'I love this painting for the passion and empowerment one can sense in her profile and the complete control she exudes'
Madame Suggia, 1920–23, by Augustus John (1878–1961), 6ft by 5½ft, Tate Collection. Credit: Tate, London 2018/Bridgeman Images
Douglas Boyd says:
I love this painting for the passion and empowerment one can sense in her profile and the complete control she exudes. And that astounding red dress: this is no Handmaid’s Tale gown of oppression, but a statement of the fire and brilliance that were characteristic of her playing.
Three little anecdotes: my wife, Sally Pendlebury, cellist with the Fitzwilliam String Quartet, was inspired as a child by Jacqueline du Pré, who in turn was influenced by Suggia. Augustus John had a daughter, Amaryllis Fleming, whom I knew, who became one of the great cellists and teachers of her time. And finally, John’s step-granddaughter married John Paul Getty Jr. The Getty estate at Wormsley is, of course,
the wonderful home of Garsington Opera ’
Douglas Boyd is artistic director of Garsington Opera, for which he is conducting Capriccio this season (until July 22). He is also music director of the Orchestre de chambre de Paris.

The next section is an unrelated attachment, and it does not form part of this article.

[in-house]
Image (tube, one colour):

John McEwen comments on Madame Suggia:
Augustus John, whose brain was once teeming with ideas for great compositions, had ceased to do imaginative work and was painting portraits,’ wrote William Rothenstein, his contemporary, of John’s art between the World Wars.
This portrait took him 80 sittings – so long, rumour falsely suggested he and its subject, the Portuguese cellist Guilhermina Suggia (1885–1950), were living in sin. Suggia was in England from 1912 to 1923, her virtuosity ecstatically acclaimed. Young Edward Hulton (1906–88), later publisher of Picture Post and Eagle, was briefly engaged to her – the age difference an expression of her passionate effect, the portrait a betrothal present.
The end of the engagement annulled the commission and turned the portrait into what Andrew Wilton has described as ‘a striking image, and to cause a stir that would promote both sitter and artist’. John succeeded. Madame Suggia was bought by the supreme art panjandrum, Lord Duveen, and presented by him to the Tate in 1925.
The dramatic pose showed Suggia playing with legs astride, instead of to one side as convention demanded of female cellists. In fact, as the famous accompanist Gerald Moore recalled, her playing was ‘calculated, correct and classical’. She played Bach during sittings and noted John would ‘walk up and down in time to the music’ and, when he was pleased, ‘on tiptoe’. It was ‘a portrait not only of a musician but of her instrument – more of the very spirit of the music itself… John himself is kind enough to call it “our” picture’.
‘Augustus John: Drawn from Life’ is at Poole Museum, Dorset, until September 30
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